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QLD Custody of Children - Refusal Due to Child Support Payments being Cut

Discussion in 'Family Law Forum' started by nicko, 7 April 2015.

  1. nicko

    nicko Member

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    Hi there,
    I've had 50% shared custody of my 2yr old with his mother for the last 2 months and before that had him for 2 nights 3 days a week( now its 3 nights 4 days a week) ( custody of children). I updated this with CSA ( Child Support Agency) and she confirmed the arrangement when they called her and since then her child support amount and her govt payments have been cut.

    She has now (unsuccessfully) attempted to blackmail me in to lying to CSA or she'll cut my custody of him. Its been a very rough 2.5 yrs dealing with her and in this time I've attempted mediation twice ( once through relationships aust and once through legal aid) and have been issued 2 60i certificates due to her not attending or even acknowledging the invitations. I do not want to drag him (our son) through the family court system if there is any other possibilities as it seems like a proverbial emotion and cash drain with no real winners.

    I'm just curious if I should inform CSA of her blackmail attempts and if she does follow through and not allow me to pick him up or see him whether there's any legal recourse available to me other then taking her to court because she's the one not holding up her end of our agreement. We don't have any court orders it's just been verbal agreements as I haven't been able to get her to sign any parenting plans or come to any mediation.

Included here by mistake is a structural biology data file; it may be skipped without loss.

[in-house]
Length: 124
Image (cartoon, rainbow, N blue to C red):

Any and all advice is welcomed.

    Thank you in advance.
     
  2. AllForHer

    AllForHer Well-Known Member

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    Unfortunately, if there is nothing on paper, either parent is within their right to withhold a child from the other parent with no legal recourse until it comes before the court. The court minimises its interruption of family matters by not facilitating any children's rights to know, spend time and be cared for by both parents unless at the request of the parent. However, it is certainly of benefit to you that the mother has confirmed the current arrangement to the Child Support Agency, because it shows the parties did agree to that change in care arrangements.

    The Child Support Agency is relatively unable to act in regards to your ex's threats, nor can they protect the time your child spends with you, so it might be a redundant process. However, if you do pursue court proceedings, you can inform the Child Support Agency of proceedings and they will likely have your payments maintained at the 50/50 rate, rather than 100/0 rate, while proceedings are ongoing.